In his recently published book Tonight It’s A World We Bury, Bill Peel undertakes an intriguing study of the characteristics that have made black metal susceptible to far-right politics, while asking whether those same characteristics can also nurture radical, left-wing politics? We, of course, already know the answer to this question from the musical endeavours of left-wing and anarchist black metal bands such as Ancst, Dawn Ray’d, and Ragana. The interest lies more in how Peel marshals political and anthropological theory to examine exactly what those characteristics are and how they interact with musical expression.
Rather than the review the book, I thought it might be more interesting to unpack some of the central tenets of its arguments to see how relevant they are to hardcore punk. I must admit most of the bands that the book examines are pretty alien to me (and some for very good reason), but there is a certain universality that emerges in Peel’s thesis that I feel can be applied more widely to understanding the dynamics of hardcore punk. I will focus on three specific characteristics identified by Peel.
‘Aggressive, oppositional music is the best tool to express compassion and empathy, because it’s not the language of our culture’ (Dan Yemin, Paint It Black)
The first characteristic is that of ‘Distortion’. Now Peel isn’t just talking about the sound of distortion, but also of the social impact that distortion achieves, the friction that it introduces. It is here that he calls upon the political theory of Ernest Laclau and Chantal Mouffe who argue for the importance of conflict and antagonism in our lives – how a politics devoid of conflict allows hegemonies to form and to constrain society through enforced consensus. As such distortion serves both as a barrier to those who will not engage with it, but also as a home for those who will. The aim should not be to create a defensive community, but rather one that continually regenerates itself by constructing difference through creativity.
‘To show that things can be different, to take things that are familiar and make them unfamiliar’ (Brian D, Catharsis)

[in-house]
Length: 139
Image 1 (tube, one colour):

The second characteristic of ‘Heresy’ then comes into focus. Peel examines the concept in terms of both religion and capitalism, and I think it is helpful to think of it in its broadest possible terms – ideas that are at variance with the established orthodoxy. Distortion creates space for a musical community to engage in exploring its own heresies that challenge the structural social, economic, and political inequalities that define people’s lived experience. By doing so, common understanding can be established.
‘The struggle is not over, it assumes new forms’ (War by Other Means, Trial)
The third characteristic is the importance of avoiding the grasp of ‘Death Fetishism’. This represents Peel’s deliberately macabre reworking of the notion of ‘Left Melancholy’, a concept first delineated by the political theorist Wendy Brown. She explored Stuart Hall’s writings on the failure of the left to understand and challenge Thatcherism in the UK by examining how feelings and sentiments can sustain attachment to specific ideas and analyses in a way that is both conservative and self-destructive, rendering them ineffective to challenging the new reality. In other words, hardcore punk cannot simply be angry at social injustice, yearn to start over again; it must continually strive to explore new ideas and understand shifting political contours.
‘The greatest power the capitalist class have over our lives, is convincing us that betraying each other is the only way to survive’ (Inferno, Dawn Ray’d)
Here in the UK, we live in a country that has been governed by a socio-economic orthodoxy that has disparaged the collective, atomised communities, and valorised the private sector above all else for four decades. The results in respect of levels of poverty, inequality, and degraded public infrastructure are evident for all to see.
Hardcore punk songs will not change this, have not changed this. But they do serve an important role in creating the means for people to recognise that this is happening, to forge common cause, and to articulate that alternative futures are possible. And that is a very valuable starting point.
Tonight It’s A World We Bury by Bill Peel is published by Repeater.
The quotes from Brian D and Dan Yemin are taken from Gerfried Ambrosch’s books ‘The Poetry of Punk: The Meaning Behind Punk Rock and Hardcore Lyrics’ (Routledge) and ‘Punk Matters: Interviews with Punk Artists and Activists’ (Active Distribution). Both well worth checking out.